The Snubtip Dolphin and Broome Whale Watching

 I knew from the minute I made my booking that my experience with Broome Whale Watching was going to be a professional, relaxed trip.

Cameron, the captain and owner of the tour company,  has taking guests in search of whales and sea life for years. He is a local, born and bred (just up the road, which is 300km away)!

With a massive depth of local knowledge and a genuine care for the wild life in this incredible bay,  Cameron (and his staff) will take you on an experience that you won’t forget.

My experience went a little like this…

Pick up from my accommodation in a bus- air conditioned, spacious and clean… I decided at that point to leave all the worry, stress and anxieties to the never never and to trust that all would be ok. And it was!

The bus took us to the Jetty where we ventured to a nearby tender and were escorted to the catamaran.

Once on the catamaran we were made to feel like it was a second home. Take your shoes off, put them in the box and feel free to roam around the boat.

There were plenty of places to hang out, and chill.

There were two toilets on board, plenty of under shade areas and if you were melting you could go underneath to the air-con cabin.

The kids were really well catered for which is a bonus if you have to travel with them.

Ok to the BEST bits.

We headed out to the current in Roebuck Bay and followed the channel along the coast line looking for the incredible snub tip dolphin, or “snubbies” to locals.

Only recognised as a new species in 2005 (!) they have drawn attention for naturalists and sea lovers, including David Attenborough who visited only a short time ago.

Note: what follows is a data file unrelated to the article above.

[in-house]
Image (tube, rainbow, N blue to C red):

They are beautiful little creatures and are only found in small numbers around the world, putting them on the endangered list. It is estimated there are 1000-3000 only globally.

With 170 of them playing and being delightful little critters in Roebuck Bay.

I loved the little details Cameron gave about the dolphins – they have a neck that extends so they can itch their tummies. They hang around in pods of 8-10.

He recognises many of the families from scars and markings on the dolphins.

You can see he is passionate about their conservation and wants to share them with the world.

After flirting with the darling dolphins for awhile, we head off in search of turtles and dugongs.

We learn all about the sea bed, the important role it plays with global warming.. how it traps carbon and dredging is leading to a rise in global carbon…

We spot a few turtles who break the water and dive quick as they are hunted by locals… turtles are still a favorite meal of the Australian indigenous population.

Apparently six of hte world’s seven turtles are found in this bay.

The bay also has the second highest tidal flow in the world.

After seeing a few turtles, and spot a dugong munching on the seabed we meander back to town.

Feeling pretty spoilt with teh wild life, and incredible water and sun, we are also treated to food. First up are cakes, then a quiche, then delicious fruit salad.

Finally when I thought the experience couldn’t get better, we are offered a cold face cloth! Superb.

I can highly recommend doing this activity and urge you to go iwth Cameron and his crew.

It is a very interesting day and the best way to learn about conservation and our remarkable planet.

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